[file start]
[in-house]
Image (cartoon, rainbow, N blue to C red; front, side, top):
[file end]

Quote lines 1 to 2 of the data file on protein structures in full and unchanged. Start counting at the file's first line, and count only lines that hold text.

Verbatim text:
[in-house]
Image (cartoon, rainbow, N blue to C red; front, side, top):